“I’m just not getting any younger,” said Larson, a 33-year-old outside hitter. “I’ve been playing consistently overseas for 12 years straight with no real offseason.

“I also have other endeavors in my life that I want to see. Getting married, having children, those kinds of things. The older I get, the more challenging those become.”

Larson, who debuted on the national team in 2009, has been a leader the last two Olympic cycles. She succeeded Christa Harmotto Dietzen as captain after the Rio Games. Larson started every match at the 2012 and 2016 Olympics.

As long as Larson was in the building, the U.S. never had to worry about the outside hitter position, said two-time Olympian and NBC Olympics volleyball analyst Kevin Barnett.

“She played as if she belonged from the start,” he said. “They will miss her all-around capability. They’ll miss her ability to make everyone around her better. She’s almost like having a libero who can hit.”

Karch Kiraly, the Olympic indoor and beach champion who took over as head coach after the 2012 Olympics, gushed about her court vision.

“It’s a little dated now, but somebody like Wayne Gretzky just saw things that other people didn’t see on the hockey rink,” Kiraly said in 2018. “And I remember reading about him one time, and the quote from an opposing goalie was, oh my god, here he comes, what does he see that I don’t see right now? She sees things sooner than most people.”

Larson grew up in Hooper, Neb., (population 830) and starred at the University of Nebraska. She was a three-time All-American who helped the team win a national title as a sophomore. She had the opportunity to leave Nebraska and try out for the Olympics in 2008 but chose to remain at school for her final season.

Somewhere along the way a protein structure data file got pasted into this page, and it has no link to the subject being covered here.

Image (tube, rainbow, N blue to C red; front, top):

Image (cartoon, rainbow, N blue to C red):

She earned the nickname “Governor” as a Cornhusker State sports icon.

Larson helped the U.S. win its first major international title at the 2014 World Championship. She was also part of the program’s two stingers — defeats in the 2012 Olympic final and 2016 Olympic semifinals, both matches where the U.S. won the first set (and convincingly in 2012).

“It just gives me chills thinking about it now,” Larson said of the Rio Olympic semifinals, where Serbia beat the U.S. 15-13 in the fifth. “That team, we put in so much. Not just on the court but off the court working on culture and working on how are we best for each other. How can we be the best team? How can we out-team people? Certain teams have a better one player that’s a standout that we maybe didn’t have or don’t have. So how can we out-team the other teams? We had just put in so much work that was just heartbreaking.”

Larson and the Americans rebounded to win the bronze-medal match two days later.

“I don’t know anybody that didn’t have their heart ripped out. It was just a soul-crusher of a match,” Kiraly said of the semifinal. “More meaningful was what a great response everybody, including Jordan, mounted to the disappointment of that loss.”

The U.S. took fifth at worlds in 2018 and is now ranked second in the world behind China.

Larson spent the past club season in Shanghai. The campaign ended in mid-January. She hadn’t heard anything about the coronavirus when she took her scheduled flight back to California, learning days later that LAX started screening for it. Now, she’s working out from her garage.

Larson is in line to become the fifth-oldest U.S. Olympic women’s volleyball player in history, according Olympedia and the OlyMADMen.

Her decade of experience could go a long way to help the next generation of outside hitters, led by three-time NCAA champion and Sullivan Award winner Kathryn Plummer.

“If you’re coming into the USA program as an outside hitter, in the next year or the quad or the quad after that,” Barnett said, “the measuring stick is going to be Jordan Larson.”

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MORE: U.S. athletes qualified for Tokyo Olympics